Staying connected to the internet can be a bit of a challenge when you travel in an RV. It has become a lot easier with
better cell phone connectivity, but
our need for data seems to grow exponentially, whereas as our budget to pay for
expensive data plans doesn't! Connecting to your RV park's Wi-Fi is a
good way to help reduce the data load on your cell phone / MiFi card plan,
but connecting to that signal can be a real issue. If you get connection drop
outs, "cannot connect," "connection timeout," or password
issues, then a poor signal strength is most likely the culprit. If that is the
case, then boosting that Wi-Fi signal with a Wi-Fi booster is a good solution. However,
it is not magic. Keep in mind, the RV park is still responsible for
appropriating the correct amount of bandwidth to the users. If the RV park has
enough bandwidth for 50 RVs and there are 100 RVs in the park, then that will
be a problem no matter what you do. It is a two-way street and utilizing a Wi-Fi
booster makes sure you are doing your part. A booster is very useful, and
this guide is meant to give you an introduction to how boosting works and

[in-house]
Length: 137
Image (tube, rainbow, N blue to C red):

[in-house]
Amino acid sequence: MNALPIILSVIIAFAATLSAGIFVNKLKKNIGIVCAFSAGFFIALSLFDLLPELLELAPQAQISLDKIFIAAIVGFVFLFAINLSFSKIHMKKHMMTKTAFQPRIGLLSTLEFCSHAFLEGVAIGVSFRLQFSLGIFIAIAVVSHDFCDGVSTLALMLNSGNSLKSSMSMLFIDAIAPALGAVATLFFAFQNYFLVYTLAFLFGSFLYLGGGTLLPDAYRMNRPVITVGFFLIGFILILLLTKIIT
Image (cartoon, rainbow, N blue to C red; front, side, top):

choosing the right booster.
is basically like a two-way radio. Instead of speaking English, your computer
speaks a language called 802.11. The radio waves use a frequency band
called the 2.4GHz ISM band which is also used by microwave ovens and some
cordless telephones. This means that Wi-Fi can sometimes suffer interference
from these devices. Also, there are some other frequency variations, but you get the point. It’s important to remember two things about
Wi-Fi. First, it is mostly line-of-sight. Radio waves of this frequency do not
pass very well through objects, especially metal and objects with a high-water
content (this is how a microwave works - water absorbs radio frequencies of
this energy and in doing so, heats up). For that reason, fog, rain, wet leaves
and our own bodies can also impede the Wi-Fi signal. Secondly, remember that I said that Wi-Fi is two-way. You have
to be able to “hear” the signal, but they also have to be able to “hear” you.
This is the root cause of many
of the challenges in trying to connect to a RV